It is time to break out one of our two family rules again: It is impossible to compete with unintentional self-parody. How fraudulent is finance even now? The Wall Street Journal reports that "big money managers" want to bring back "liar's loans." The WSJ article exemplifies the lies that the industry and the media told about liar's loans before and after 2008.
Liar's loans, as the name admits, are pervasively fraudulent. Only fraudulent lenders make liar's loans as a regular business practice. These home loans make the officers wealthy through the "sure thing" of the "fraud recipe" for "accounting control fraud." The WSJ, of course, ignores these facts and presents instead falsehoods provided by fraudulent officers.
This column addresses the lie in the WSJ article that invokes our family rule: "The money managers think that risk is manageable with rigorous underwriting [of liar's loans]..." If this were written for the Onion it would have been a stellar example of irony. Instead, it is an oxymoron crafted by someone who thinks that WSJ reporters and their readers are regular morons. Because the reporter regurgitated such a clumsy lie about liar's loans as if it were revealed truth, we know that the "big money managers'" opinion about the reporter's abilities proved correct.
The definition of a liar's loan is that it is designed for the purpose of avoiding not simply "rigorous" underwriting, but rather for the purpose of avoiding even the most minimal underwriting any property lender must do to have any chance of surviving. Yes, "rigorous underwriting" is the absolute essential to managing risk in property lending. Yes, in the case of conventional home lending, rigorous underwriting can reduce credit risk to tiny proportions.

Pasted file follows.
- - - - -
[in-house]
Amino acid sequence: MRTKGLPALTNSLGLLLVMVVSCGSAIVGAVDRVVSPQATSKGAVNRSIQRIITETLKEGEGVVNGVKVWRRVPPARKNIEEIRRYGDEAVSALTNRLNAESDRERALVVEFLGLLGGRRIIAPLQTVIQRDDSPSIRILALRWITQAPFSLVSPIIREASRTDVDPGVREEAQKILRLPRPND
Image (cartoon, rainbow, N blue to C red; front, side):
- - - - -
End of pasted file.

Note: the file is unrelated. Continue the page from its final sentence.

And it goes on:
One of the "Four C's" of minimally competent underwriting for such loans is "Capacity." That means that the lender, must at a minimum, verify that the borrower has adequate income to have the capacity to repay the home loan.
The definition of a liar's loan is that the lender does not verify the borrower's income (and more extreme liar's loans do not verify the borrower's job or assets). The CEO causes the lender to make liar's loans for the purpose of inflating the borrower's reported income, which makes it possible for the lender to make more and larger loans at higher interest rates, which enriches the CEO.
The failure to verify the borrower's income produces massive fraud and what economists call "adverse selection." As a result, at the time the loans are made, they represent in economic reality a loss. The loans have a "negative expected value" at the time they are made. This exemplifies the great truth that the WSJ cannot seem to comprehend -- underwriting appears to the ignorant to be a cost center for a home lender, but it is actually an honest bank's most important profit center.
Proper GAAP accounting would require the lenders making liar's loans to report at the time they made the loans that they produced a net loss, but one key to the frauds is for the lender's controlling officer to set aside only pathetically inadequate "allowances for loan and lease losses" (ALLL). The CEO knows that the fraud "recipe" produces three "sure things." The lender will promptly report record profits, the officers will be made wealthy through modern executive compensation, and the lender will ultimately suffer catastrophic losses (unless, of course, the public bails it out).
Remember these events when someone claims that the government forced lenders to make bad loans. "Big money managers" are desperate to bring back fraudulent liar's loans only a few years after they blew up the global economy. Even Bush's regulators warned lenders against making liar's loans -- they simply failed to regulate when the bankers ignored the regulatory warnings.